Trick-or-Treat? Discover 10 Magical Moths for Halloween.

As Halloween approaches and the nights grow longer, thoughts begin to turn to the haunting antics of witches, ghosts and vampires, but the names and histories of some of our moths can give these spooky creatures a run for their money. Here are our top 10 species that have magical and mysterious connections to Halloween.

  1. The Ghost moth.
    The Ghost moth or Ghost Swift gets its English name from European folklore with some believing white moths to be the souls of the departed. It is thought that the ghost moth is also referenced in the last passage of Wuthering Heights by Emily Brontë.

    The males, which are entirely white, can be seen at dusk, swaying during a flight display in which they will slowly rise and fall over open ground to attract females. In a suitable location, several males may display together in a lek. When at rest they hold their elongated wings almost vertically against their body.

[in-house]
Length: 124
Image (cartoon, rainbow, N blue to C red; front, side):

The adults have short antennae and have no functioning mouthparts so cannot feed, eventually starving to death. The caterpillars can be found from July to May, often overwintering twice as larvae so the life cycle commonly takes two years to complete.

    Discover more about the Ghost moth.

  2. Deaths-head Hawk-moth - Ervin Szombathelyi

    Deaths-head Hawk-moth.
    As big as a mouse with wings the size of a small bat and the ability to squeak when alarmed, the Death’s-head Hawk-moth is sometimes considered the UK scariest moth and its arrival is traditionally seen as an omen of death. We know now of course that their occurrence is entirely natural rather than supernatural and usually ties in with wider moth immigration that takes place every year in the autumn as warm winds from the south bring in exotic species from the continent.